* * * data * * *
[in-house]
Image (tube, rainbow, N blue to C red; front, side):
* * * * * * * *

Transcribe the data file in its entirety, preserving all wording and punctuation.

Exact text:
[in-house]
Image (tube, rainbow, N blue to C red; front, side):